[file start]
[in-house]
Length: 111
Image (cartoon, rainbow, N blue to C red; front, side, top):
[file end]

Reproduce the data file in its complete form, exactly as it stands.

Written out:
[in-house]
Length: 111
Image (cartoon, rainbow, N blue to C red; front, side, top):